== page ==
Andrew; the whole world is not a perfect one of best case lighting; it often is a mix; sometimes a poor one.
    Thus a Beer client WANTS the beer carton too look great under poor store lighting and beer cooler lighting. This matters *MORE* than the serile perfect black body lighting. Few folks buy beer in print shops calibration rooms; or light reference rooms. Thus products that are sold under lighting type K with Klingon bulbs are made to look good under this lighting type.
    A gain of some real world printing experience will show you that folks want their prints to look good under the lighting type they are going to have their print or poster on display. It is a bit ignorant and cocky to just blindly assume that all clients are in a narrow cherry picked subset of the Full Universe of lighting mixes. Get your fingers dirty with a real world client; outside of the bubble. In the real world pleasing clients as very little to do with the sterile best case conditions of your calibration dogma; it is closing the loop around a great print in dark bar over a piano with ill lighting of which one has no control; with an image that is bloaded; has the levels set wrong .
    Thus we have the differences in those who teach and those who work in the field; a radically different thing. The whole Universe is what we printers deal with; not a narrow bubble.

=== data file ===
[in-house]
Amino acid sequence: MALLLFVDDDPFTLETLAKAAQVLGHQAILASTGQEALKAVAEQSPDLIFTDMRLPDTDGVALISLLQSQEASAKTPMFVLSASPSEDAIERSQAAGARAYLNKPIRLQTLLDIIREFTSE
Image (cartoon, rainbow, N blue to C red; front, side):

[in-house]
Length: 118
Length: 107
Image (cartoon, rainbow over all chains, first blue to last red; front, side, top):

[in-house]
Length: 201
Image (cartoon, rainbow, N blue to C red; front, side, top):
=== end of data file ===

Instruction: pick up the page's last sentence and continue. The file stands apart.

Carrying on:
Here I shot 50 years ago with Kodak color references. In that era too the goal was to please the client and not get wrapped up in a tar baby or ball. Get some field experience. The world is not about calibration; it is about making the print look good to the client
     
  33. digitaldog

    digitaldog Andrew Rodney

    Yes; here I deal as a printer with the *entire Universe*; and you deal with a subset of it!​
    Ah, if you say so bud. The entire universe. And you can still find to post such lengthy verse here.
    Here the real world is dealing with actual clients with a zoo of lighting types​
    Doesn’t matter too much. White adaptation is a wonderful feature of our visual system.
    Your narrower world is easier; you cherry pick the easy clients who have prints displayed under lab conditions.​
    If you say so. Once I cherry pick these easy clients, its often useful to educate them to best practices instead of assuming they are just a bunch of clueless idiots. Makes them easier clients to deal with. You should try that sometime.
    We actually visit the clients target area with color temp meters;​
    If you’re not getting spectral data, just using something like a Minolta Color Meter, you’re chasing your tail. If you can’t see the SPD, where there are spikes in the spectrum of which every Fluorescent light produces, you’re not seeing the full picture here. But if it makes you and your clients feel better, so be it.